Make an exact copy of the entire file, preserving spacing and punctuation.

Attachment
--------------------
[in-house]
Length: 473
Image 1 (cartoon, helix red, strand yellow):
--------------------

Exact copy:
[in-house]
Length: 473
Image 1 (cartoon, helix red, strand yellow):